Borax Crystal Star/Snowflake



  • 3 Pipe cleaners (white, if possible)

  • String

  • 3 Wide-mouth containers (boiling-water safe)

  • Borax (laundry section of a grocery store)

  • 3 Pencils

  • Boiling water

  • Food coloring (optional)

  • Scissors

  • Adult supervision


Directions: See website




Plates & Bowls & Silverware


Flying Saucer 




catapultinstructions (1).pdf 


  • 4-6 rubber bands
  • 1 plastic spoon
  • Popsicle sticks







Marshmallow Structures

How Tall Can You Build?

What to do

  1. Using only 20 toothpicks and 10 marshmallows, build a free-standing (standing alone without being attached to or supported by something else) structure that is as tall and as big as possible, that can also support an object.
  2. Try to have your structure support one object. If it can support this object, try adding another object. How many objects can your structure support?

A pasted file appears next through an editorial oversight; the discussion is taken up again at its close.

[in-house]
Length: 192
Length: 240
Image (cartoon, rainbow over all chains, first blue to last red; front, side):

3. Now add another 20 toothpicks and 10 marshmallows to your structure, and see how many objects it can support.
  4. Keep adding toothpicks and marshmallows, and seeing how many objects it can support. See how big you can make it!


What’s happening?

There are numerous ways to build strong structures with objects that may appear weak. The idea is to recognize that certain shapes are very strong.

The C.N. Tower in Toronto, Ontario, Canada is one of the tallest free-standing towers in the world. Its base is actually triangular: there are ribs that go down the length of the tower, but, if you were to look down, and draw a line around the base, it would be a triangle.

Another very strong shape is the cylinder. A single cylinder can be very strong, just not stable. If the base of the C.N. Tower were cylindrical, it would fall over with the first wind gust. However, if you make the base of a structure out of four cylinders, positioned in a square about the base of the building, then it would be extremely strong and stable.

Why does it matter?